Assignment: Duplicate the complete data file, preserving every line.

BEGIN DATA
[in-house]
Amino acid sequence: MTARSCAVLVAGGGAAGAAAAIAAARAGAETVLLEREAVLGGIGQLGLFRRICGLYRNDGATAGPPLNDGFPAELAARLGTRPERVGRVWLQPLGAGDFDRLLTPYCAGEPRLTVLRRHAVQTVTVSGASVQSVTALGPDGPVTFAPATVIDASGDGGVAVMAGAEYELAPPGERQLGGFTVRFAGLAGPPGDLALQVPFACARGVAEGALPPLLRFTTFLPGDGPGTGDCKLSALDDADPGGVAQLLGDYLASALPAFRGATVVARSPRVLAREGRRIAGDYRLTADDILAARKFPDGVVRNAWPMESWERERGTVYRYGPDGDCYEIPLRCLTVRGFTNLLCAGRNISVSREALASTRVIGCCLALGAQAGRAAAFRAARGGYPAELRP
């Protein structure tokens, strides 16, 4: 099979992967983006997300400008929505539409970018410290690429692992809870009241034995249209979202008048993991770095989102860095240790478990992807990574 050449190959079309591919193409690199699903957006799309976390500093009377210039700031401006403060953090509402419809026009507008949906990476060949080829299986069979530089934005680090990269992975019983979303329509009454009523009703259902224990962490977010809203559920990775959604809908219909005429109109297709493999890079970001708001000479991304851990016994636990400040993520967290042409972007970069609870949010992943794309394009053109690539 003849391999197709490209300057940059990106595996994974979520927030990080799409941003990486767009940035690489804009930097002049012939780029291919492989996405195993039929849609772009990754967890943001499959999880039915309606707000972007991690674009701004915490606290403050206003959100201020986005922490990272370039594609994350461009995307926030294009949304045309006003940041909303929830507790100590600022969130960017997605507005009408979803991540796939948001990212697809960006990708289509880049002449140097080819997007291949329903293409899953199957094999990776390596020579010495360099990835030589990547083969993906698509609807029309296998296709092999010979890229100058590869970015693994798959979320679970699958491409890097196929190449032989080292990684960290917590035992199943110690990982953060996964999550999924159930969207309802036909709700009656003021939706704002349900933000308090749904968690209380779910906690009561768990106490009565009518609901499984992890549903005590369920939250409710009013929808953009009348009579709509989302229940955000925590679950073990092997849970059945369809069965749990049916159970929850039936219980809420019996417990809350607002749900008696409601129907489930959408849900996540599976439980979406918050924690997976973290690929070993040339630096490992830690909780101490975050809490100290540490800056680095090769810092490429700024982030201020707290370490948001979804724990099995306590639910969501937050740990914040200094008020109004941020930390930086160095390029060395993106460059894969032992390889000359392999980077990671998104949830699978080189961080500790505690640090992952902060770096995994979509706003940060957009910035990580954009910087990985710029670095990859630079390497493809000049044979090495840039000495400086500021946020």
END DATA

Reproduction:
[in-house]
Amino acid sequence: MTARSCAVLVAGGGAAGAAAAIAAARAGAETVLLEREAVLGGIGQLGLFRRICGLYRNDGATAGPPLNDGFPAELAARLGTRPERVGRVWLQPLGAGDFDRLLTPYCAGEPRLTVLRRHAVQTVTVSGASVQSVTALGPDGPVTFAPATVIDASGDGGVAVMAGAEYELAPPGERQLGGFTVRFAGLAGPPGDLALQVPFACARGVAEGALPPLLRFTTFLPGDGPGTGDCKLSALDDADPGGVAQLLGDYLASALPAFRGATVVARSPRVLAREGRRIAGDYRLTADDILAARKFPDGVVRNAWPMESWERERGTVYRYGPDGDCYEIPLRCLTVRGFTNLLCAGRNISVSREALASTRVIGCCLALGAQAGRAAAFRAARGGYPAELRP
């Protein structure tokens, strides 16, 4: 099979992967983006997300400008929505539409970018410290690429692992809870009241034995249209979202008048993991770095989102860095240790478990992807990574 050449190959079309591919193409690199699903957006799309976390500093009377210039700031401006403060953090509402419809026009507008949906990476060949080829299986069979530089934005680090990269992975019983979303329509009454009523009703259902224990962490977010809203559920990775959604809908219909005429109109297709493999890079970001708001000479991304851990016994636990400040993520967290042409972007970069609870949010992943794309394009053109690539 003849391999197709490209300057940059990106595996994974979520927030990080799409941003990486767009940035690489804009930097002049012939780029291919492989996405195993039929849609772009990754967890943001499959999880039915309606707000972007991690674009701004915490606290403050206003959100201020986005922490990272370039594609994350461009995307926030294009949304045309006003940041909303929830507790100590600022969130960017997605507005009408979803991540796939948001990212697809960006990708289509880049002449140097080819997007291949329903293409899953199957094999990776390596020579010495360099990835030589990547083969993906698509609807029309296998296709092999010979890229100058590869970015693994798959979320679970699958491409890097196929190449032989080292990684960290917590035992199943110690990982953060996964999550999924159930969207309802036909709700009656003021939706704002349900933000308090749904968690209380779910906690009561768990106490009565009518609901499984992890549903005590369920939250409710009013929808953009009348009579709509989302229940955000925590679950073990092997849970059945369809069965749990049916159970929850039936219980809420019996417990809350607002749900008696409601129907489930959408849900996540599976439980979406918050924690997976973290690929070993040339630096490992830690909780101490975050809490100290540490800056680095090769810092490429700024982030201020707290370490948001979804724990099995306590639910969501937050740990914040200094008020109004941020930390930086160095390029060395993106460059894969032992390889000359392999980077990671998104949830699978080189961080500790505690640090992952902060770096995994979509706003940060957009910035990580954009910087990985710029670095990859630079390497493809000049044979090495840039000495400086500021946020």